From early childhood, we start receiving mixed messages about both humility and pride.
We are told not to be boastful, but encouraged to be the best and to speak our truth boldly. We are celebrated when we win and chastised when we lose. The message is clear: be the best and think of yourself as the best but just don’t say it out loud.
The typical religious response pushes us to the other extreme. We associate kindness with passivity. Being quiet, silencing ourselves, as the mark of humility. You must kill off all that is you in favor of those around you.
The result is a complicated game that never feels very genuine. We are trying to seem humble while searching for our best. We’re constantly trying to silence ourselves, the pride bubbling up around the edges in surprising forms like insecurity and over-aggression.
We’re taught on all fronts to repress who we are – either how we truly feel or the true version of our selves. It doesn’t have to be this way. Pride and humility are not opposite ends of a spectrum. They are two sides of a coin.
Pride’s Many Forms
Haughtiness comes in many forms. It comes in aggressive bragging, inflated (inaccurate) selfishness, and ‘thinking more highly of ourselves than we ought’. It also takes another, more subtle form.
Haughtiness can come in silencing our self, hoarding the gifts and talents we possess, and denying our responsibility. In an effort to be safe (why we are afraid), we hoard the best we have to offer a communal society. We hush it so as not to expose ourselves, putting us at risk.
This latter tendency is the mask of false-humility. The kind that throws away any sense of self in fear of making too much of the self.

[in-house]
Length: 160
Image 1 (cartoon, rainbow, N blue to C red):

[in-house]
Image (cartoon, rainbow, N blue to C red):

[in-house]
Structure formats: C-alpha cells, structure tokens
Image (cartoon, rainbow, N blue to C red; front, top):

Humility is simply seeing things as they truly are. Honor (in the sense of pride or glory) is not a poison to be avoided. We just need to approach it with accuracy. It needs to be grounded in truth or the whole pursuit will be out of whack.
It is a slippery slope because as soon as we hear this, we can pervert it into an excuse to be haughty, but it doesn’t have to be one or the other. There is a middle ground.
Too often we neuter our passions, muffle our calling, and silence our character because we are afraid of pride. We want to look humble rather than be humble. Shying from the calling on our lives and the part we have to play in the world is its own kind of blasphemy – stifling the true identity within us.
Humility is not about eradicating the self. It is about placing the self in proper context. It is about seeking the truth of who we are and acting in accordance with the truth. Pursuing truth is the noble act of humility.